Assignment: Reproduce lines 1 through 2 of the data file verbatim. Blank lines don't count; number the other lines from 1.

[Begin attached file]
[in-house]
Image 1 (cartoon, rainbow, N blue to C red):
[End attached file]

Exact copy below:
[in-house]
Image 1 (cartoon, rainbow, N blue to C red):